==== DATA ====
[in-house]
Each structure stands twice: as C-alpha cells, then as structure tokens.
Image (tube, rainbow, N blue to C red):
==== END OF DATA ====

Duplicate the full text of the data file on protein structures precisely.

[in-house]
Each structure stands twice: as C-alpha cells, then as structure tokens.
Image (tube, rainbow, N blue to C red):